Orville Taylor, Contributor
FOR 50 years, the expectations and frustrations of the Jamaican people were pinned on the People's National Party (PNP) and the Jamaica Labour Party (JLP).
As Jamaica crept into Independence, poverty and its bedfellow, unemployment, stood like sentinels, keeping the largely Africa-originated population in place.
At 13 per cent in 1962, unemployment was like melanin bonded to the labour force's DNA. It was not a catastrophic rate, especially given the context of dependence and historical exploitation, and it was 'black people time'. A government charged with pushing the country forward was influenced by the economic model of University of the West Indies academic W. Arthur Lewis, whose industrialisation-by-invitation strategy targeted the 'modern capitalist sector.'
This was a bourgeois' ideal policy placing attention on the monied classes and was designed to have industrialisation and growth in the modern sector. The logic was that as economic growth took place and Jamaica's economy transformed, it would 'trickle down' into the traditional sector.
There would be rapid impact on unemployment in the new expanding industrial sector, and the masses of the lumpen proletariat would be gainfully engaged. Soon, the modern sector would soak up all of the available labour and then turn to traditional labour to fill the gap. Thus, agricultural workers would then experience an improvement in standards of living because the modern would absorb the surplus, and wages would rise.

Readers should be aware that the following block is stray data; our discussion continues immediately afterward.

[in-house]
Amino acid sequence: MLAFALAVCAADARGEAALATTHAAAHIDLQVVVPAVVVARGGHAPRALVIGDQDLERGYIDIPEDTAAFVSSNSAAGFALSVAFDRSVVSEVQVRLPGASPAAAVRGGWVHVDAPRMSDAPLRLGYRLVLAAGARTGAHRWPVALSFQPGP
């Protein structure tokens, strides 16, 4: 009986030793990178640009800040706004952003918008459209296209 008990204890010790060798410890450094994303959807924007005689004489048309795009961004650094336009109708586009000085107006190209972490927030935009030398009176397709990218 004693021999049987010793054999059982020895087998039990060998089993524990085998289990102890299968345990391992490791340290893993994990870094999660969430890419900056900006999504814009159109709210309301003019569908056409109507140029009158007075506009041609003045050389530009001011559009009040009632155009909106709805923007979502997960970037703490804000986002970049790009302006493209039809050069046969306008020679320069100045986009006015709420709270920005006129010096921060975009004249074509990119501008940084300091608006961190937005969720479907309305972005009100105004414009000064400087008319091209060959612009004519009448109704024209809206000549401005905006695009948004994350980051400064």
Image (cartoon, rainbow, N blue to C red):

Unfortunately, this never happened. Bauxite was potentially the panacea because it was the middle of the Cold War and our ore was loose and cheap; however, despite the promise, it never delivered as it was capital-intensive, demanding a modest workforce fewer than 8,000 warm bodies. In fact, mining did little minding as the industry in many ways created a bauxite of a social problem. The demonstration effect of the high wages in bauxite pushed up those in the agrarian sector, creating distortions. This led to an increase in the prices of goods and services, pushing a small working elite into the middle- and upper-middle classes, thus widening the rich-poor gap.